80 Series Land Cruisers come with an electrically actuated centre diff lock, and depending on specification locking front and rear axle diffs too (my Japanese import HDJ81 had all three diff locks fitted).
On my truck the centre diff lock stopped working (which also stops the front/rear diff locks form engaging, as the system checks that the centre lock has engaged before actuating either of the axle locks). Here is some info on the system and how to go about troubleshooting it:-
The centre diff lock actuator is a motorised unit that sits on top of the transfer case and actuates a small gear via a worm and wheel gearbox driven by a permanent magnet motor. There is a clock spring arrangement to allow the motor to preload the gear until the lock can actually engage (sometimes you need to rotate the centre diff by driving the truck before the lock can physically engage) and limit switches so the gear only rotates a certain amount in either direction. The gear physically moves the diff lock mechanism within the transfer case. There is also a plunger switch fitted to the transfer case that engages when the diff is actually locked.
Here is an pic of the transfer case showing the actuator and the switch:-
There is just enough room to get to the actuator and switch by crawling under the truck and reaching up above the transfer case, but you have to work by feel as it is very difficult to see what you are doing!
The diff lock will normally operate automatically when selecting low range, or can be engaged from the ‘centre diff lock’ button on the dash if you have one. When the lock is engaged the yellow centre diff lock light in the instrument cluster will light up.
In this picture you can see the centre diff lock light and the button, together with the red lights for front and rear axle diff locks (picture is from a left hand drive truck):-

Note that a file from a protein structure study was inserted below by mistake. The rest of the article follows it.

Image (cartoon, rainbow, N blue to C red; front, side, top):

Failure Mode 1 – Faulty diff lock sensor/switch
If you can hear the actuator motor operate when you select low range, or press the button the the dash, but the yellow light on the dash does not come on, it is possible the sensor/switch has failed (make sure the bulb hasn’t gone in the dash first! – it should come on briefly during the ‘bulb check’ when you first turn the ignition on)
With the wiring disconnected from the switch you can unscrew the switch from the top of the transfer box. Using a multimeter or test lamp check for continuity between the two electrical contacts on the top of the switch, you should get continuity (a short circuit between the two contacts) when the switch plunger is pressed in. If there is no continuity you can sometimes get it working again by spraying contact cleaner, brake cleaner or similar into the plunger mechanism and actuating it a few times. If you can’t revive the switch it is at least easy to replace it for a new one!
Failure Mode 2 – Faulty actuator motor
If there is no action from the actuator at all one thing that can cause it is the magnets falling off the inside of the motor housing and jamming it up. Once you remove the actuator from the transfer box it is fairly easy to strip it down to check it out. There are four bolts holding the unit to the transfer box (you can see these in the picture at the top of this page) – it is a bit fiddly to get to these while the transfer box is still in the car but it just about possible to undo them, unplug the electrics and wiggle the whole unit out from above the transfer box. The unit is sealed onto the transfer box with instant gasket type material so it might need a bit of persuasion to come loose.
You can see the gasket (red material) in this picture:-
The motor is the lump sticking out of the right hand side of the unit in the picture above, unbolting the fasteners allows you to withdraw the housing. If you have a loose magnet in the housing it is easy to fix it back in place using two-part epoxy (it should be obvious where it has come from)
Failure mode 3 – Seized shaft
You may find that the motor is actuating but the gear is not rotating, this can happen if the unit isn’t used for a while. If the shaft has become seized the clock spring will allow the motor to move to both to both engaged and disengaged position without the actual gear moving. Stripping the unit down and cleaning/greasing the working can usually sort this out.
My unit had all of the faults above but following the steps above got everything working normally again for just the cost of a few consumables (grease etc.) Second-hand units are very expensive and may have the same problems as your own unit!
Once you have everything working again it is worth engaging all the diff locks every few months even if you don’t need them – this will help to stop them seizing up from lack of use. Make sure you only actuate them on a low friction surface (grass, mud etc,) to reduce the stress on the axles/locks.
Hopefully this info has been useful – any questions of comments let me know below.
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